How effective were oral antivirals during HK’s Omicron BA.2 wave?

Christina Lau
5 days ago
How effective were COVID-19 antivirals during HK’s Omicron BA.2 wave?

A real-world study during Hong Kong’s Omicron BA.2 wave showed that both molnupiravir and nirmatrelvir/ritonavir effectively lowered the risks of disease progression and all-cause mortality in hospitalized COVID-19 patients not requiring oxygen supplementation on admission. However, mortality risk reduction was larger with nirmatrelvir/ritonavir vs molnupiravir.

“This is probably the world’s first study on real-world effectiveness of inpatient use of these novel antivirals,” said Professor Gabriel Leung of the LKS Faculty of Medicine, University of Hong Kong (HKU), who presented the findings at Advances in Medicine 2022. “Our results show that both antivirals work, but nirmatrelvir/ritonavir works even better.” [medRxiv 2022;doi:10.1101/2022.05.19.22275291]

The territory-wide retrospective cohort study included 40,776 patients with confirmed SARS-CoV-2 infection hospitalized between 26 February and 26 April 2022. After propensity score (PS) matching, the analysis included 2,116 molnupiravir users (with 8,396 matched controls) and 991 nirmatrelvir/ritonavir users (with 3,952 matched controls), who received the oral antivirals at a median of 2 days from symptom onset.

Over a mean follow-up of 41.3 days, use of the oral antivirals was associated with a significantly lower risk of the composite outcome of disease progression (ie, all-cause mortality, initiation of invasive mechanical ventilation [IMV], or intensive care unit admission) vs control (molnupiravir: hazard ratio [HR], 0.53; 95 percent confidence interval [CI], 0.46–0.62; p<0.001) (nirmatrelvir/ritonavir: HR, 0.33; 95 percent CI, 0.24–0.46; p<0.001). Results were similar for all-cause mortality (molnupiravir: HR, 0.55; 95 percent CI, 0.47–0.63; p<0.001) (nirmatrelvir/ritonavir: HR, 0.32; 95 percent CI, 0.23–0.45; p<0.001).

 Molnupiravir users had a significantly lower risk of IMV vs controls (HR, 0.31; 95 percent CI, 0.16–0.61; p<0.001). Time to achieving lower viral load (ie, cycle threshold [Ct] value ≥30) was significantly shorter for users of either antiviral (molnupiravir: HR, 1.21; 95 percent CI, 1.07–1.37; p=0.002) (nirmatrelvir/ritonavir: HR, 1.25; 95 percent CI, 1.04–1.50; p=0.015) vs controls.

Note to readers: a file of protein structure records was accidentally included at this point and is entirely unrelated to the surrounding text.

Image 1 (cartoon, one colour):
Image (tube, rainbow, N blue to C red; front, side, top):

Among survivors, hospital length of stay was significantly shorter for nirmatrelvir/ritonavir users vs controls (-0.70 days; p=0.039).

Head-to-head comparison of the two antivirals showed that molnupiravir users had a significantly higher risk of all-cause mortality (HR, 1.53; 95 percent CI, 1.01–2.31; p=0.047), a numerically higher risk of disease progression (HR, 1.44; 95 percent CI, 0.96–2.18; p=0.078), numerically slower viral load reduction to Ct ≥30 (HR, 0.88; 95 percent CI, 0.69–1.11; p=0.281), and significantly longer hospital length of stay (+0.83 days; p=0.032) vs nirmatrelvir/ritonavir users.

“For both antivirals, we found significant interaction of clinical benefit with age [for the composite disease progression outcome; pinteraction=0.003 for molnupiravir, pinteraction<0.001 for nirmatrelvir/ritonavir],” said Leung. “There is an amazing effect in patients aged >65 years [molnupiravir: HR, 0.50; 95 percent CI, 0.43–0.58; p<0.001] [nirmatrelvir/ritonavir: HR, 0.27; 95 percent CI, 0.19–0.38; p<0.001]. If you are ≤65 years of age, these antivirals probably don’t do anything for you [molnupiravir: HR, 1.24; 95 percent CI, 0.70–2.21; p=0.462] [nirmatrelvir/ritonavir: HR, 1.97; 95 percent CI, 0.86–4.53; p=0.111].”

In outpatients with COVID-19, an analysis in 4,875 molnupiravir users (with 48,409 PS-matched controls) and 5,366 nirmatrelvir/ritonavir users (with 53,289 PS-matched controls) showed that both antivirals were effective in reducing the risks of all-cause mortality (molnupiravir: HR, 0.61; 95 percent CI, 0.46–0.82; p<0.001) (nirmatrelvir/ritonavir: HR, 0.25; 95 percent CI, 0.13–0.47; p<0.001) and in-hospital disease progression (molnupiravir: HR, 0.64; 95 percent CI, 0.50–0.83; p<0.001) (nirmatrelvir/ritonavir: HR, 0.47; 95 percent CI, 0.31–0.71; p<0.001). However, the risk of hospitalization was significantly reduced with nirmatrelvir/ritonavir only (HR, 0.69; 95 percent CI, 0.60–0.79; p<0.001).

“Subgroup analysis showed consistent effects of nirmatrelvir/ritonavir across vaccination status and age. For molnupiravir, however, the effects were less consistent,” said Leung. “The benefits of these antivirals may be larger in patients who have not been fully vaccinated and in elderly patients.”

In clinical practice, considerations for use of these antivirals include rice tube feeding and drug-drug interactions (DDIs). “Molnupiravir is indicated in patients on rice tube feeding. Some clinicians use nirmatrelvir/ritonavir off-label in these patients, with good results, while others caution against it,” noted Leung. “Molnupiravir has much fewer DDIs than nirmatrelvir/ritonavir.”
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